In the time-honored tradition of psychological thrillers, the solitary killer obsessed with tying up the loose ends on his biggest murder to date and the ex-cop obsessed with solving a crime the gaslighting powers that be insist doesn’t exist are weirdly simpatico figures, lonely men on lonely missions only they seem to understand.

In a lesser movie, that convention might qualify as hackneyed and cliched but DePalma, who wrote the screenplay as well as directing, breathes passionate life into this hokey old trope. DePalma knows how to get the most out of Travolta as an actor as well as a movie star.

Travolta is charismatic and magnetic enough to be absolutely riveting doing nothing more than listening for sounds but DePalma’s script gives him a real, nuanced character to play with a fascinatingly lived-in backstory and a code of ethics that sets him apart from every other character in the film.

Travolta’s obsessed sound man is moved to do what’s right even when he has nothing to gain by doing so and everything to lose. Everyone else is motivated by money or lust or power or convenience. In a world of scumbags, Jack is a decent man.

Blow Out is a product of the 1980s but it feels like a 1970s movie in many ways, including its very post-Watergate conviction that American audiences will inherently assume that politics, particularly at the very highest levels, are inherently corrupt and duplicitous, and consequently prone to believe conspiracy theories involving malevolent forces working furtively behind the scenes.

DePalma makes brilliant use of the star-spangled, flag-waving history hometown of his hometown of Philadelphia, particularly in regards to the Liberty Bell and a climactic patriotic parade to pointedly and ironically juxtapose our country’s idealized, romanticized past and ideals and its dark, dystopian contemporary reality, which is that bad people get away with murder and the truth is sometimes so deeply hidden that no one even thinks about looking for it.

Blow Out is a meticulous movie about a meticulous man, a masterpiece of total virtuosity from an auteur operating at the very apex of his ability. I know that there are lots of people who dislike DePalma for a wide variety of reasons, many of them quite valid, but watching Blow Out, I fell in love with DePalma as a filmmaker and a storyteller all over again.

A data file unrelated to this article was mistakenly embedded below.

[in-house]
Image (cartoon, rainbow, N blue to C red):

THIS is filmmaking. THIS is mastery. THIS is the work of someone who knows exactly what he wants to do as a filmmaker and does it. DePalma is in total control of his craft. Everything pays off in a dark and inspired and unforgettable way, perhaps most famously the search for a convincing scream that opens the film.

Spoilers if you haven’t seen Blow Out yet, but Jack wires Sally with a microphone, who is murdered by Burke just before Jack can save her. Jack manages to kill Burke but he’s understandably despondent and, like many grief-ridden souls, throws himself into his work.

In a real Monkey’s Paw type situation, Jack achieves his goal of recording the most realistic scream in the history of slasher movies in the form of Sally’s dying noises. The scream sounds real because it is real. For the sake of verisimilitude, Jack transformed a genuine howl of death from someone in the process of being brutally murdered into the ultimate in hardcore sound effects.

It’s a shame that DePalma has to kill a character as sympathetic and messily human as Sally but this is DePalma so of course a movie that begins bleak, and only gets bleaker would end on a darkly hilarious, hilariously dark note.

The gut-punch of an ending helps explain why audiences at the time rejected Blow Out. Even by DePalma standards it’s grim and obsessed with the mechanics of film and the filmmaking process but it’s a thriller that’s also just about perfect. There is not a thing I would change about it, from the scumminess of a low-rent photographer played by Dennis Franz, winner of the Academy Award for Dirtiest Undershirt, to the director’s trademark use of split screens and deep composition.


Posted by Geoff at 12:01 AM CST
Updated: Tuesday, February 18, 2020 12:13 AM CST
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Tuesday, February 18, 2020 - 12:52 AM CST

Name: "Harry Georgatos"

I'll definitely love to see a prequel to Lithgow's Burke character. I can already picture the movie in my mind.